THE WHITE HOUSE
Office of the Press Secretary
STATEMENT BY THE PRESIDENT
I have signed into law H.R. 1119, the "National Defense Authorization Act for Fiscal Year 1998." This Act authorizes fiscal year 1998 appropriations for military activities of the Department of Defense, military construction, and defense activities of the Department of Energy. Although I have reservations about some provisions in this Act, it supports a large number of my Administration's defense program and policy priorities. Moreover, the conferees' revision of the bill satisfactorily addresses several onerous provisions that were included in previous versions that my Administration opposed.
This Act provides for a strong national defense, maintains high military readiness, supports our commitments to a better quality of life for our Armed Forces and their families, and authorizes investment programs necessary to modernize the equipment that our forces use. By providing the necessary support for our forces, it ensures continuing American global leadership.
The Act demonstrates that we can maintain a robust defense while achieving a balanced Federal budget. It supports a wide range of quality of life initiatives, including a 2.8 percent military pay raise, an increase in aviation officer career incentive pay, a doubling of the aviation officer career retention bonus, and increases in hazardous duty pay and the family separation allowance. I am also pleased that this Act provides resources to support most of the recommendations of the Department of Defense's Quadrennial Defense Review. In particular, it supports major procurement programs, such as the F-22 and V-22 aircraft, central to modernizing our forces for the 21st century.
The Act also provides strong support for the Chemical Demilitarization Program, crucial for implementing the Chemical Weapons Convention for which the Senate provided advice and consent to ratification earlier this year. It also provides the President new authority to call up 30,000 volunteers from the Individual Ready Reserve for active duty. This gives the Secretary of Defense greater flexibility in tailoring reserve call-ups and enables him to make greater use of the unique skills found in the Individual Ready Reserve.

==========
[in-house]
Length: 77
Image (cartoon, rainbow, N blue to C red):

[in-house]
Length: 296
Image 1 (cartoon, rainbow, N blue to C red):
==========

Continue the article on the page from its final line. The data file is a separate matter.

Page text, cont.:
I am very disappointed, however, that H.R. 1119 imposes restrictions on the Department of Defense's ability to contract with the private sector for the maintenance of weapon systems and components. Both the Quadrennial Defense Review and the Defense Reform Task Force recommended relief from current laws that constrain the Department's efforts to competitively outsource depot maintenance workload. By further restricting, rather than facilitating, such competitive outsourcing, the Act will limit the Department's flexibility to increase efficiency, preserve readiness, and save taxpayer dollars. The Act also changes the terms under which public-private competitions for work at closing maintenance depots can be conducted. Some of these changes should prove helpful, but other changes will likely make the Department's job more difficult. Nevertheless, the Secretary of Defense has indicated that the Department has flexibility to proceed with the remaining public-private competitions in a way that is fair to both sides. The Secretary has pledged to implement the Act so as to encourage all bidders, public and private, and to do everything possible to ensure that the competitions occur on a level playing field. Such an approach will achieve my Administration's goals of strongly supporting our military forces while providing savings that can be applied to the modernization of our forces.